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YULIA KOIRALA – Breathing Life Into Art

Aakriti Maya of WOW converses with the versatile and multifaceted Yulia Koirala of Sushila Arts Academy about her love for arts and art promotion, life balance and what inspires her to do what she does.

A tenacious woman sits commanding the space around her while sipping delicately on the jasmine tea before her, a picture of the very duality in which she thrives; a duality that traces all the way back to her childhood in Kazakhstan where she was first exposed to the arts through the structured reality of the Soviet Era.

Yulia Koirala studied at an intensive music school as a child learning everything about music from theory to classics, and later graduating with honours and earning many well-merited national awards for her piano playing. It was then that she decided to switch gears and do an MBA which she completed from the Moscow University before working for an oil and gas company for 12 years in London.

Though the world of business and arts seem to be diametrically opposite, Yulia always found great fulfilment in both. The first chapter of her life was consumed by music, while in the next she dived head first into the corporate world. It was the third chapter in which she has found the perfect balance, a chapter that begins when she met her husband, Siddharth Koirala, fell in love and eventually moved to Nepal and gave birth to a baby daughter.

“When my daughter was just one year old, I took her to Kazakhstan for this big children’s theatre production. She just loved it so much and was so excited to be there. So when we returned to Nepal, I went straight to my mother-in-law and told her that I could not believe that her grandchild won’t be exposed to what she loves: the arts, music and dance. I stated that I had to open something for this. And I just had to”, Yulia recalls with a soft intensity in her voice.

Equipped with expertise in both the creative world and the practical reality of business and now her family support, she began developing concepts for such a project. Her own toddler’s exuberance at her first exposure to theatre was the final push Koirala needed to create what would eventually become her legacy: Sushila Arts Academy (SAA).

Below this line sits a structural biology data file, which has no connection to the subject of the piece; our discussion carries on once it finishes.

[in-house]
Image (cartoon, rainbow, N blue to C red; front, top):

The academy started small. “From one idea, one production, one show and slowly it grew,” she remembers. Today, SAA is a thriving institution that offers a range of classes including art, music, theatre and dance for toddlers, aspiring professionals and everyone in between. SAA fosters professional dance companies for ballet and Bharatnatyam complete with internationally recognised degrees and showcases large scale theatre productions, giving jobs and platforms for actors and performers. Yulia articulates, “SAA is a multidimensional endeavour, seeking to inspire young children and carry artistic interest to a professional level.”

For Yulia, giving art culture legitimacy and importance in society starts with artists developing a professional, committed approach to learning. “I don’t believe in just talent. In fact, in many cases I have found that talent spoils people – they take it for granted and stop working hard. Talent is important but it is not everything,” she expresses adding that the traits she values most is commitment. She puts it as ‘greed for knowledge’.